Battershill founded Canada Action in 2010 initially in response to NGOs’ attacks on the oilsands. Since then, the group has broadened its campaigns to take in natural gas, pipelines, jobs and investments, and oil and gas trade, and Battershill estimates membership at more than 350,000.

“We have different channels, so we can have different messages in different niches,” he says. “That’s what I noticed the other side doing—they would have five or six channels all sending out anti-oil messaging.”

The anti-oil messaging that is being spread by social media, Battershill says, impacts virtually every aspect of every business plan in the industry, and while industry associations like the Canadian Association of Petroleum Producers (CAPP) have responded with social media programs of their own, nothing seems to be very effective in reversing the perceptions embedded in the public psyche by the decade-long anti-oil program.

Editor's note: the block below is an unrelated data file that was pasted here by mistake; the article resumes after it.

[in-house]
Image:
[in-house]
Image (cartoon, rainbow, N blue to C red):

“We’ve never established a baseline in the public realm about how great we are with environmental protection, with renewable energy, with clean technology, with pipeline safety standards, with the realities of global oil tanker traffic,” Battershill says.

“There are all these big questions and issues out there, and the other side just hammers away, and we allow it to happen. We allow them to create a false and misleading narrative, and they have really controlled our brand.”

But it doesn’t have to be this way, Policy Horizons Canada says in its discussion paper. By paying attention to social media, companies can adjust their business models so products, services, supporting networks and infrastructures respond to customer needs and have a smaller environmental impact.